Dalaffilla Volcano | John Seach

john

(Gabuli, Dala Filla)
Erta Ale Range, Ethiopia

13.793 N, 40.553 E
summit elevation 613 m
Stratovolcano

Dalaffilla volcano is located south of lake Bakili, in the Afar region of Ethiopia. It has a steep cone with pastel colours. Dalaffillia is a rare colourful volcano. Dalaffilla is one of 6 volcanoes in the Erta Ale Range.

Dalaffilla volcano is the southeastern cone of a twin volcano (with Alu). The two volcanoes are part of the same volcanic system.

Dalaffilla is a central volcano with a perfect cone shape, rising to an altitude of 600 m (300 m above surrounding terrain). It was formed by eruptions of silicic lava.

November 2008 Eruption

The eruption of lava from Alu-Dalaffilla in November 2008 was the largest eruption in Ethiopia in historical times.

The main lava flows of Dalaffilla are to the east of the volcano, with the flows towards the west blocked by topography. The slope of the volcano is less at the base, and older lava flows seem to have been less viscous than the later ones. The summit is of very steep slope (~35 °) and was the result of viscous silicic lava flows. The crater is about 100 m in diameter.

Lava flows have been erupted through fissures along the median zone axis (Dalaffilla-Alu-Gada Ale). Numerous spatter cones are located over all this area aligned in chains.

August 2002 Earthquake Swarm
In August 2002 there was a sequence of earthquakes about 50 km SW of Dalaffilla volcano. Dalaffilla was the closest volcano to the earthquake epicentres. There were 75 earthquakes measured, with the largest having a magnitude 5.6.

Reports of 2008 Eruption by John Seach
Tuesday 18th November 2008

Satellite images have given conflicting results on the location of the eruption which began in northern Ethiopia on 4th November. ASTER satellite images show lava emitting from Alu fissure vents. MODIS satellite images indicate Dalaffilla stratovolcano. Wherever the lava originated from, it filled a depression between the two volcanoes and flowed north-east. Alu and Dalaffilla are essentially the same volcanic system being separated by only 3 km. It is rare for eruption sites so close to be named as separate volcanoes. The situation highlights the limitations in the definition and naming of volcanoes. At the other extreme there is Durango volcano in Mexico which covers 2100 sq km and contains 100 eruption sites, yet is called one volcano.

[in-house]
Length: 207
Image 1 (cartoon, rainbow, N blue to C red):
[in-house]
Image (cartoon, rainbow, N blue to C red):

Wednesday 12th November 2008
Satellite images have shown that the sulphur dioxide plume from the eruption of Dalaffilla volcano in Ethiopia has dissipated over the Pacific, after traveling half way around the world. Some SO2 persists over the northern Indian Ocean, southern India, and Bay of Bengal. Hotspots continue to be recorded on the NW flank of Dalaffilla and up to 6 km NE of the volcano.

Monday 10th November 2008
The sulphur dioxide plume from the eruption of Dalaffilla volcano in Ethiopia has reached Marshall Islands in the Pacific after drifting SE from Japan. 

Saturday 8th November 2008
The sulphur dioxide plume from the eruption of Dalaffilla volcano in Ethiopia has reached Japan, a distance of over 9000 km.

Friday 7th November 2008
There is some debate over exactly which volcano erupted in Ethiopia this week. Satellite images show that a large lava flow originated from a region between Dalaffilla and Alu volcanoes in the Erta Ale Range. Alu and Dalaffilla are twin volcanoes separated by only 3 km. Alu volcano is ellipsoidal in shape, and built of old basaltic lavas. In contrast Dalaffilla is a steep cone built by eruptions of silicic lava. Some reports have assumed this week's large lava flow must have come from Alu volcano because it has produced basaltic lava flows before. However, satellite images have shown lava hotspots on the side of Dalaffilla volcano. Dalaffilla volcano as the source of the lava flows was confirmed by a researcher at Addis Ababa University. The summary is that an eruption of lava began at at Dalaffilla volcano in the Afar range of Ethiopia on Tuesday 4th November. The lava spread over a large area of at least 300 sq km, and this covered parts of Alu volcano. A sulphur dioxide plume drifted as far as Thailand more than 6000 km away.

Thursday 6th November 2008
Volcanic Eruption in Ethiopia An eruption in Ethiopia has been confirmed. Lava has covered a large area. Satellite images even indicate 300 sq km are covered by lava! The eruption originated from fissures between Dalaffilla and Alu volcanoes in the Erta Ale Range. A sulphur dioxide plume was measured on 5th November 2008 extending over the Arabian Peninsula, Pakistan and northern India.

Dalaffilla Volcano Eruptions

The first historical eruption of Dalaffilla volcano occurred in November 2008.

2008-09